All this would be infuriating and insulting if it weren't finally laughable and sad. It suggests one of three things.Read the whole thing.
It could mean that Meacham and Miller are simply ignorant of the nuanced and careful biblical arguments that religious conservatives have made. But this is doubtful, since as journalists of the topic, they have surely been immersed in the literature.
It could suggest they simply don't understand the subtleties of the biblical arguments. But this can't be, because they are clearly bright people in other respects.
Or it means they have found themselves hamstrung by the richer, nuanced, and thoughtful biblical defense of traditional marriage. And they find themselves utterly incapable of responding to it on its own terms.
And so ironically, even before the first word of Miller's religious case for gay marriage has been read, Meacham has conceded that it is not a case at all, but a simple assertion. And while they both claim they are arguing against exclusiveness and for inclusivity, they have managed to exclude from this crucial national conversation a significant proportion of the American population who happen to believe there is a strong biblical case for traditional marriage.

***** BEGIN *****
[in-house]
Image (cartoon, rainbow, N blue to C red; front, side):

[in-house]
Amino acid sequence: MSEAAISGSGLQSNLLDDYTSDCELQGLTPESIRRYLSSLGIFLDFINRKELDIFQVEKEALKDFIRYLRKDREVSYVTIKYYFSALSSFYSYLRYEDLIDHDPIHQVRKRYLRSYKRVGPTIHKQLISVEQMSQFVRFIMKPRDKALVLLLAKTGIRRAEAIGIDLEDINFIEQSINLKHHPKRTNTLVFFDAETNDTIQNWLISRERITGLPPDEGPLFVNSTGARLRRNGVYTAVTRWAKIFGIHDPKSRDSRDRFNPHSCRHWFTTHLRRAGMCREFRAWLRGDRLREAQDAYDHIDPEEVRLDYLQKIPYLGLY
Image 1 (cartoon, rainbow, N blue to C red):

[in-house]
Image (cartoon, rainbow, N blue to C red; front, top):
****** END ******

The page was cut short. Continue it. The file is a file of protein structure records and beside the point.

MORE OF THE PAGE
The one thing we biblical conservatives will never do, however, is exclude people like Meacham and Miller from any conversation that matters to us. So, we invite them to sit down with us, or someone from our world, to have a biblical, intellectually rich conversation about marriage—if they really are interested in being serious about this crucial topic.
Thursday, December 11, 2008
CT on Newsweek
Christianity Today has a good editorial response, which ends in this way: